Long, Synthetic, and Square! Oh my! Polynomial Division
Lesson 8 of 15
Objective: SWBAT divide polynomials using a variety of methods.
Warm-up: Long Division
Environment: Today’s lesson is very teacher-driven. So the grouping of students does not matter today. Students should be ready to take notes during class and ask questions if they have them as today’s lesson is very skilled based. Also, I will not be having students log in to their clickers (personal response systems) today as I find it too difficult to do quick polls when working in a PowerPoint. I hate how it closes you out of power point view mode to be able to poll. So today, my students will get off the hook with texting in answers; but will of course still be required to practice the problems on paper.
Narrative: Give students an opportunity to recall how to do long division. Have students complete the problem on the first slide of the PowerPoint. In the past, it has really made students have to stop and think as they haven’t done long division in quite some time. It is important that students recall the procedure for how to long divide with constants as they will be required to do the division algorithm soon with polynomials. I plan to go over the warm-up step-by-step just to insure that every student in the class is able to recall how to do long division.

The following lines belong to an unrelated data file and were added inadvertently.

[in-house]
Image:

Differentiation: I have found in the past that students claim they never learned long division. I am sure it was taught somewhere along the lines, but some students never mastered it and/or never retained how to do it. I like to have some basic division worksheets on hand during my Advisory period that day and request students who have either told me they don’t know how to long divide or who have shown they were not successful with the warm-up. I think it is essential that students learn to be able to divide polynomials using long division as it always works! Synthetic division is a short-cut. And dividing using generic squares doesn’t really build on prior knowledge like ling division so I think it will be quickly forgotten by students. I think it is important for students to master long division with numbers before they try to tackle polynomial division.